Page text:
Planners ignore objections to grant permission for six-building town centre project
Planners have given the go-ahead for a controversial £250m mixed-used scheme in the centre of Maidenhead, labelled by one objector as being more at home “in a poor part of London”.
Set to be built in the heart of Theresa May’s parliamentary constituency the Landing scheme was designed by Studio Egret West – currently working on transforming the old EMI record factory in Hayes, Middlesex – and developed by Hub and backed by Norwegian investment group Smedvig.
The project features six blocks, ranging in height from seven to 16 storeys, containing 424 homes, plus retail, office and public space, car parking and landscaping.
Following earlier objections, the scheme’s towers were reduced in height – the tallest down from 19 to 16 – but this still did not satisfy some local groups.
According to council records, the Maidenhead and Cox Green Neighbourhood Plan Steering Group wrote to Windsor and Maidenhead’s planning department to complain that such a city scale development was “wholly inappropriate within the town of Maidenhead, the dominance of development over 50 metres will severely impact neighbouring properties and the wider streetscape”.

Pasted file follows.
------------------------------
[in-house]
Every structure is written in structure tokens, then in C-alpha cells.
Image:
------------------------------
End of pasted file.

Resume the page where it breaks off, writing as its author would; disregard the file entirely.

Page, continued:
And another local business slammed the development, which replaces an existing office scheme, suggesting it would be like an area of flats “you would expect to see in a poorer part of London”.
Hub said it had engaged with the local community, seeing around 1,500 people giving their views of the scheme. The height of the towers is understood to have been reduced at the request of planners.
The scheme was originally submitted for planning back in February 2015, comprising offices and 225 flats. While that proposal had been granted planning it proved undeliverable due to the job’s economic situation and plans were amended to include a larger residential element.
Steve Sanham, Hub’s managing director, said the council’s approval of the latest plans was a “fantastic decision” for Maidenhead.
“The Landing site has been subject to far too many false starts and delays. We are confident our scheme will bring a buzz back to the town centre and revitalise it in the way the people of Maidenhead have told us they want. We now look forward to getting on and delivering it.”
Work is expected to start on the job early next year.
Other firms working on the project included design group AKT II, consultant Skelly & Couch and engineer Buro Happold.